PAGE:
However, the book primarily covered the 40's,50's, and early 60's without neglecting to mention the earlier and later figures. He gave a rather detailed explanation of Jack Johnson, America's first black champion, and his title loss due to numerous assignations with women of all races, which certainly was frowned upon in the early 20th century. He spoke of the common man's champion James J. Braddock whose life was somewhat glossed up and turned into the movieCinderella Man (Widescreen Edition) starring Russell Crowe. He went into some detail on the first Liston - Ali fight when he was still known as Cassius Clay. It seems that Liston went down early in the first round in a fight held in Maine with a punch that no one saw land. Then there was the famous 1947 fight between Billy Fox and Jake La Motta for the title. La Motta admitted in 1960 to a congressional committee, long after getting out of the fight game that it was a fixed fight.
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3 of 3 people found the following review helpful By Dan Donovan on September 14, 2011
Format: Hardcover
I really wanted to give this book a great review. The author, Kevin Mitchell, is not without talent and is obviously passionate about boxing. Unfortunately his passion is not coupled with the hard work of making the book readable and accurate. He frequently uses British expressions (like "stone" for weight) that mean nothing to American readers. And the book is riddled with inaccuracies. The two that killed it for me are 1) attributing the "day that will live in infamy" speech to Gen. Douglas MacArthur rather than FDR, and 2) stating that the non-existent Gabe Genovese took over as boss of the Mob from Frank Costello, rather than his "cousin" Vito!!! Those kinds of errors would not be acceptable in a high school book report, never mind in a professional work of non-fiction. Save your money and give this book a pass.
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3 of 3 people found the following review helpful By Marty on December 28, 2011
Format: Paperback Verified Purchase
I was really looking forward to reading this book. The mob of the '40 and '50s era,and it's relation to boxing of this time,is a fascinating topic for me.Unfortunately I'm still going to have to wait for this book.Cause this one ain't it.A lot of what was in this book is fascinating but because of factual errors that should have been easily checked out; it makes you wonder about any of the facts in this story.Especially the error about FDRs speech was amazing! To say nothing of the grammatical mistakes.Was there no editing or proofreading done at all? When a book comes out like this;it should have been a terrific book and very easily could have been.It' a shame.
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2 of 2 people found the following review helpful By Henry Tubbs on March 20, 2011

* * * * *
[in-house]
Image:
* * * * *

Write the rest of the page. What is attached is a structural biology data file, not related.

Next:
Format: Hardcover Verified Purchase
After reading this book,which after you get by all the grammatical errors along the way,you can see that the author did a shallow job in his analysis of the "boxing" world during the 1940's & 1950's. Nothing new and much of which, added little in way what was already known to the boxing fan of that time period. If you are a new comer to the sport-you might find it enlightening, and you can find all the rumors of the past here under one roof.The LaMotta-Fox fight,Graziano's rumors,Gavilan- Graham are all here, but offers little of new proof other than what was stated at Commission hearings. It would be a tough new interview as most of the cast are long gone but a few boxing oldtimers might shed some new light here, but that came up empty. If you yearn to hear the words Zale, Pep,LaMotta, Clay and Liston-then you might find it a interesting read, but nothing is new here.Dont pay full price.
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4 of 5 people found the following review helpful By Thomas G. Matowitz Jr. on April 23, 2011
Format: Hardcover
Although he is English, I believe the author has gone to considerable lengths to convey the impression that he is a New Yorker and an insider. Unfortunately, this requires a knowledge of the vernacular, and basic American history, which he doesn't appear to possess.
On page 64 reference is made to one of Franklin Roosevelt's most famous speeches, the call for a declaration of war on Japan the day after Pearl Harbor. The quote is not only rendered incorrectly, but ascribed to , of all people, Douglas MacArthur.
Secondly, a few pages later, Roosevelt is described as a homely man who directed the allied war effort from a wheelchair while wrapped in a car blanket. In fact, Roosevelt wore a naval officer's boat cloak, an elegant response to the predicament of getting an overcoat on and off a man in a wheelchair.
I do not claim to be an expert on boxing, but these errors elsewhere in the text cause me to wonder about the rest of it.